Big Slackwater was reopened to the public in October 2012. Please visit today to enjoy the natural wonders of McMahons Mill and Big Slackwater!
With little maintenance between 1924 and 1971 when the National Historical Park was created, this stretch of the towpath was particularly vulnerable to flood waters. In 1996 two large floods dealt a devastating blow completely washing away long stretches of the towpath causing all towpath visitors to endure a 5-mile detour. Since then the enormity of the erosion prevented the repairs to Big Slackwater making it the only segment of the 184.5-mile canal towpath closed to park visitors.
Restoration of the Big Slackwater area is a culmination of more than 15 years of work by park staff, citizen stewards and park visitors. This project reestablishes the continuity of the entire 184 ½ mile towpath. Restoration of the towpath to its original alignment along the Potomac River and above Dam No. 4 not only eliminates the hazardous detour along narrow country roads but it restores the magnificent views and historic route walked by mules and canawlers.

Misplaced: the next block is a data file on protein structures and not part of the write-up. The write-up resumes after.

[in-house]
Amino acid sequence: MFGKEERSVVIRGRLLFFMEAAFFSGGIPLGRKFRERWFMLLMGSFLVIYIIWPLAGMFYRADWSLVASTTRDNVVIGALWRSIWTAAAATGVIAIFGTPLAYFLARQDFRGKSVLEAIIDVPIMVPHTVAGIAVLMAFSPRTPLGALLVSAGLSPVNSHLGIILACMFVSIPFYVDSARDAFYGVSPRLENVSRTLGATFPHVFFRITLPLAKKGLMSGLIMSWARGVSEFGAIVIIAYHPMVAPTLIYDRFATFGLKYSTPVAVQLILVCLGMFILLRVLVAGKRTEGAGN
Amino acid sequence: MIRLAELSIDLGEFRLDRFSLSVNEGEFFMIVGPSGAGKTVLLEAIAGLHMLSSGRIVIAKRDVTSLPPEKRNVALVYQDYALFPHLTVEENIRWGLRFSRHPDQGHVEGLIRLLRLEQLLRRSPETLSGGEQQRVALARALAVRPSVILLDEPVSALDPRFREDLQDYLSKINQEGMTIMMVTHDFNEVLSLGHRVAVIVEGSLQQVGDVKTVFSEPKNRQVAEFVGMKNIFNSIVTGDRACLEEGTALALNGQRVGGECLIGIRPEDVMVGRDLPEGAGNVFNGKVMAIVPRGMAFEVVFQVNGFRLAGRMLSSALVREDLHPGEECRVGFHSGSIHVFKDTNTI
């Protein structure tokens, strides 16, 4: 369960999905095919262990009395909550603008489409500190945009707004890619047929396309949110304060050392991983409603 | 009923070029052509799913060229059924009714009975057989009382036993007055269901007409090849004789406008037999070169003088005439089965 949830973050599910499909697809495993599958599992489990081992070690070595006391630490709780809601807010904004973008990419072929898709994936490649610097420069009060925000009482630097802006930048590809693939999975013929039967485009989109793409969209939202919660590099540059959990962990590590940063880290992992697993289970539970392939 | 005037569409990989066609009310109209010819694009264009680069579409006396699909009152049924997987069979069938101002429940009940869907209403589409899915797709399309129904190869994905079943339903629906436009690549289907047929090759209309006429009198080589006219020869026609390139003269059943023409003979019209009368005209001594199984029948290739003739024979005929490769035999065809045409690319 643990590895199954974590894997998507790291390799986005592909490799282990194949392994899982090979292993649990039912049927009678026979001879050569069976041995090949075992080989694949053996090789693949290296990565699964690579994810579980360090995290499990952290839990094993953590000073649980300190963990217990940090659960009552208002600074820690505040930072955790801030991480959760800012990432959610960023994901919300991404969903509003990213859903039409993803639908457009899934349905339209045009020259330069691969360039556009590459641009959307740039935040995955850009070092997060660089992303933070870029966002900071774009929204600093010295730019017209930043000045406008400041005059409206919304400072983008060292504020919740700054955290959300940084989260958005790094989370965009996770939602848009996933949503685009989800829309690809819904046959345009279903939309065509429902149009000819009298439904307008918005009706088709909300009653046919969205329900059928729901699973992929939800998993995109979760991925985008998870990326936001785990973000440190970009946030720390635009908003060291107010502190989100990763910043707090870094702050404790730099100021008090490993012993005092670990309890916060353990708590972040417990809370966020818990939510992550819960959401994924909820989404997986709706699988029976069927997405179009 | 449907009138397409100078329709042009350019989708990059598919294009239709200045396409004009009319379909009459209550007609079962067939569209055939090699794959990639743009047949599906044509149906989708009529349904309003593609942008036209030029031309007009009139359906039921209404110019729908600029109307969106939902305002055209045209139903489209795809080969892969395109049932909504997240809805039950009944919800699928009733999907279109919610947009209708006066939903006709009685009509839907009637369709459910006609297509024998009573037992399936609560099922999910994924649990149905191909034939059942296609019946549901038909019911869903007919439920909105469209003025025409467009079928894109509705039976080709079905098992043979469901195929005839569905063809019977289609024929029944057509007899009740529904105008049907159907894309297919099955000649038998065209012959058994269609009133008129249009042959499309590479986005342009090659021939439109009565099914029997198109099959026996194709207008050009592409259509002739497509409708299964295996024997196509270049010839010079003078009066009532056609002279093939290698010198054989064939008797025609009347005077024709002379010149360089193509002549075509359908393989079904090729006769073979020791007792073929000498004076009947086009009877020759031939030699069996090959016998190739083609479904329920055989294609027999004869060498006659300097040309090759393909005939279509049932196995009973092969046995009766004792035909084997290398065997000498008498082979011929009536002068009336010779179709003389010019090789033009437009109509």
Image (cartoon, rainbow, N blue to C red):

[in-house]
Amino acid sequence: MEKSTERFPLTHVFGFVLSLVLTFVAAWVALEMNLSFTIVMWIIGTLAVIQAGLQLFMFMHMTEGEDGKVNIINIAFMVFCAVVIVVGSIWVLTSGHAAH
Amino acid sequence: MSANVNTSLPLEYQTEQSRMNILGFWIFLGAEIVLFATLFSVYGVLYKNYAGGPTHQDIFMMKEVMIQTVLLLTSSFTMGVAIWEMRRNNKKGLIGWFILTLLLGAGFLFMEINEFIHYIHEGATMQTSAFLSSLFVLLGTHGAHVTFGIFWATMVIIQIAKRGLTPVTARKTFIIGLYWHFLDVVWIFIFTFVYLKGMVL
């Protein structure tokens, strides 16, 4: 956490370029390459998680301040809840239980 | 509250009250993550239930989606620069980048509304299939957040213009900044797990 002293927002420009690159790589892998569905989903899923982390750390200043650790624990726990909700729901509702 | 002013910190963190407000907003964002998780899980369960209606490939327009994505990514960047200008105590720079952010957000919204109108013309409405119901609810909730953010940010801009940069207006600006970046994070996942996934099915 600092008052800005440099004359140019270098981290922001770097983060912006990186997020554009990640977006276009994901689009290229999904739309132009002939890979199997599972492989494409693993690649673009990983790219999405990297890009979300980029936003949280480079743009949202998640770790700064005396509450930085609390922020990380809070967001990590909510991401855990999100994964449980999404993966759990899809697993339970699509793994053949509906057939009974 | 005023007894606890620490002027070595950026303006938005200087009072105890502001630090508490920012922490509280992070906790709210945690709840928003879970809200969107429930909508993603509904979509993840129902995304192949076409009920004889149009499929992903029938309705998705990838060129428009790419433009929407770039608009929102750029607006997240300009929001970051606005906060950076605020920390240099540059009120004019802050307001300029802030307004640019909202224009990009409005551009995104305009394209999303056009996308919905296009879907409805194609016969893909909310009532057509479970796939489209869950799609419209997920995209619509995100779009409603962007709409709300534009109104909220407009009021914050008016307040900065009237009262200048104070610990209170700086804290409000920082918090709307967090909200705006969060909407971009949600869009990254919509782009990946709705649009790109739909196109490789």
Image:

The Big Slackwater restoration contract was over $19 million and was primarily funded through the American Recovery and Reinvestment Act and the Maryland Department of Transportation's Transportation Enhancement Program, with donations from the C&O Canal Association, Washington County, Town of Williamsport and the Hagerstown and Washington County Convention and Visitors Bureau.
The project was completed as of September 22, 2012. Visitors can access Big Slackwater via McMahons Mill. Use extreme caution riding this section as it is very narrow and there are no guard rails. Obey the speed limit and slow down when passing others to avoid accidents.